Season in Louisiana. The French tradition of Mardi Gras is upon us. Children are
out of school for three days, businesses close to accommodate throngs of parade
goers, and noisy revelers dance in the street.
My cousin, a
snowbird from Indiana, is visiting. I encouraged her to come this week, so we
could “pass a good time”. Sunday we hit the parade route to see the
Children’s Parade. A first time Carnival goer, it was fun to see the foolishness afresh from her perspective.
to the floats arrival, police stand in groups of two or three encouraging the
swell of people to stand behind protective barricades. Their cruisers block the
intersections, flashing a constant blue strobe adding to the organized chaos.
ride past on bikes, down the empty pavement lined with partiers. They stop to
visit with the police. The woman wears jeans and a t-shirt while the man sports a black
full body cycler’s suit, rainbow wig, and black face. Behind his ten-speed, he
drags a child’s wagon with some serious stereo equipment pumping '80's tunes. Children
wear hats that light up and dogs trot past in tutus. A vendor pushes a cart
selling glow in the dark wands and feather boas. A vibration and cheer snakes
down the street. “It’s coming! The parade’s started!”
Two hours of
floats filled with Boy Scouts and family kewes, alongside organizations devoted
to excess. Interspersed with dance teams are convertibles caring Little Mr.
or Miss Whatever pageant winner. I haven’t been to a parade in years.
Lundi Gras—Monday, rain mixed
with cold breezes licked the area. We took our revelry inside to the local
civic center for the Costume Promenade. I wanted to give my cousin a close-up
view of the sequined gowns, satin, beaded tuxes and huge feathered headdresses.
I’d never been to one of these events, a veritable who’s who of people in the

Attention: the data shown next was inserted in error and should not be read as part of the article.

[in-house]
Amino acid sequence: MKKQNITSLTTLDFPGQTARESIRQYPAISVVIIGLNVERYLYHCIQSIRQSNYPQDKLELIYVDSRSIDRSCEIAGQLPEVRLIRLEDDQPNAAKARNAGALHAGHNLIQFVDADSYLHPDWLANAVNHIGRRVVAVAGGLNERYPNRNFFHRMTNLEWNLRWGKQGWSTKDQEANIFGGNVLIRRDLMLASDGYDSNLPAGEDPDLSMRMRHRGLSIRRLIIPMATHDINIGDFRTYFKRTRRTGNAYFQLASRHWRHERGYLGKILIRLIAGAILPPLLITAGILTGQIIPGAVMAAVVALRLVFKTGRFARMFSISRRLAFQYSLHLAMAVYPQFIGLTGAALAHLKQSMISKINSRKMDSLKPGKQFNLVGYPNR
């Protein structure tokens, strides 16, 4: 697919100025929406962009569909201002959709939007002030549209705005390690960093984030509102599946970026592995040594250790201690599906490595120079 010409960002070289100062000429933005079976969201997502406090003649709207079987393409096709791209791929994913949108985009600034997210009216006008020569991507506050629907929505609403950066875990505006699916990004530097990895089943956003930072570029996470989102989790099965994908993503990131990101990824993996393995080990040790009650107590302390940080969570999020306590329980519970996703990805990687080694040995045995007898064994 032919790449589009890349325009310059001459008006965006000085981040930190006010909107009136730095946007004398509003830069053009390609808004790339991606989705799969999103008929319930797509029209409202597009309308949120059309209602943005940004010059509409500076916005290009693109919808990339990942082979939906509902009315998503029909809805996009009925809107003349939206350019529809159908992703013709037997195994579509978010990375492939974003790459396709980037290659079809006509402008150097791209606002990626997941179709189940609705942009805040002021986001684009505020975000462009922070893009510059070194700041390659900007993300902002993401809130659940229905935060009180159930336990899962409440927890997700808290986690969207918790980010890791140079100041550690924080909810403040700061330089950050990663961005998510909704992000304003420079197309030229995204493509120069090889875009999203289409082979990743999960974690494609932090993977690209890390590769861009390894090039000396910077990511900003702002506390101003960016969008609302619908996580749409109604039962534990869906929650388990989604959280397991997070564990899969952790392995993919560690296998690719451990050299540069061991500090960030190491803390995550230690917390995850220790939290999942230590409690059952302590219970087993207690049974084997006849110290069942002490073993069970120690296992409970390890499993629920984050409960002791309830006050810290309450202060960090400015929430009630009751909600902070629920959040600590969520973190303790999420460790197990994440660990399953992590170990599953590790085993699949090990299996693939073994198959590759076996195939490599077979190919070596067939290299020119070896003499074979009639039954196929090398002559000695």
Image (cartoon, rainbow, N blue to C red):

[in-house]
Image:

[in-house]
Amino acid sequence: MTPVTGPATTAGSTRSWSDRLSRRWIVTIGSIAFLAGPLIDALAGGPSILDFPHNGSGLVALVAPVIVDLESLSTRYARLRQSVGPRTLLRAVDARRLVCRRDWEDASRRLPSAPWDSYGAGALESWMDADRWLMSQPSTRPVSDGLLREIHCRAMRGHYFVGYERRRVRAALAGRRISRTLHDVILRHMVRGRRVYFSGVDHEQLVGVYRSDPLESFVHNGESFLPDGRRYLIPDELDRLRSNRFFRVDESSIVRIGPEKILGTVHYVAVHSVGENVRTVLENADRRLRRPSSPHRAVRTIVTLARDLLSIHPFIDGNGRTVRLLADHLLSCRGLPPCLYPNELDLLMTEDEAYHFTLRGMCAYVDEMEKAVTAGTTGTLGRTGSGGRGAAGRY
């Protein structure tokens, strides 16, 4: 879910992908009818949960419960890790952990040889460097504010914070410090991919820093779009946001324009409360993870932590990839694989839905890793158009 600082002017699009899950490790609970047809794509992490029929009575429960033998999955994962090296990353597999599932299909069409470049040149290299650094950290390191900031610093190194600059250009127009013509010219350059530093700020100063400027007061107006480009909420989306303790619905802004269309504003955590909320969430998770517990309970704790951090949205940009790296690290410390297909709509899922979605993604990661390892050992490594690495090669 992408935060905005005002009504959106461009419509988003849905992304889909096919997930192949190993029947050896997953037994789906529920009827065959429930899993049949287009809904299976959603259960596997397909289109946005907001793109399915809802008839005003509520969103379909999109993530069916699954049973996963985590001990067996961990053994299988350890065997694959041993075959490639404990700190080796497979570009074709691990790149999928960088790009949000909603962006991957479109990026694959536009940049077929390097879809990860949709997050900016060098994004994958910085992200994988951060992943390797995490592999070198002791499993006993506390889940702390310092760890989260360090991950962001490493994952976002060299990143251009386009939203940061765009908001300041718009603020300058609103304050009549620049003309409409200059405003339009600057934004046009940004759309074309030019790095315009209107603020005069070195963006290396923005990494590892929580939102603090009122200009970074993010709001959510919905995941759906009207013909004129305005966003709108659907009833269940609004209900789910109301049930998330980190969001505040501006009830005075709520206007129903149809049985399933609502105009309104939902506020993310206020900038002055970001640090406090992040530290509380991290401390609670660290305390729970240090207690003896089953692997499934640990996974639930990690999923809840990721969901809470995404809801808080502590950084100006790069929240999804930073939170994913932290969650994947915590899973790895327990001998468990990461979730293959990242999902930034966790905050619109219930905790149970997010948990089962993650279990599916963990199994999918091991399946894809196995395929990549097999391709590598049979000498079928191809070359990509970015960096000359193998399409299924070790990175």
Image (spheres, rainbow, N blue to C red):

community. From our perch in the balcony, we spent an hour and a half watching the royalty dance down the
runway while an announcer gave important info on where people graduated from
high school. Slipping out early, we detoured down a hall and walked into the
staging area, getting a glimpse of how the royals sweat. Up close, we oohed and
ogled the participant’s over-the-top evening attire and won the title “feather
afternoon, we dined early at a café on the parade route and poised ourselves to
stand in the cold to watch the Krewe of Krewe Parade. “Throw me something,
Mister.” Seasoned now, my cousin hooted and waved, securing two more gallon Ziploc bags of beads to pack in her suitcase.
beginning of Lent, a time in the church community of reflection and self-denial.
I think I’ll give up parades.
Along with my
family and writing, prison ministry is my passion. In January I was elected
President of the Board for The Open Door Women’s Prison and Re-Entry Ministry. I
am honored, as I serve alongside some amazing women. Masters in their faith, I have grown to realize the meaning of the church. From differing denominations
and faith backgrounds we come together in holy service. Christ’s hands and feet
on the ground, working with the least of
these who made choices that landed them in jail.
The scope of what’s about to happen
within the Re-Entry mission field is exciting, but frustrating as
well. Within days of accepting my present position, the Board was told the
building where we've had our offices since 2006 is being sold. We have to the end of
February to relocate. Meeting on a weekly basis for the past month,
the volunteers who serve The Open Door have worked enthusiastically as we see
God’s vision unfold in dynamic ways. Enlarging our vision to meet God’s has been the
At church yesterday and repeated again in my morning Upper Room devotional was the theme to show God's awesome grace and love to everyone we come into contact: the surly checker at the grocery store, the man who cut me off in traffic, those who have hurt me. Sometimes, I have to be reminded the point of my existence and my passion. I must go, now, one of TOD's Re-entered Citizens is waiting for the Spirit of Christ to drive up with skin on.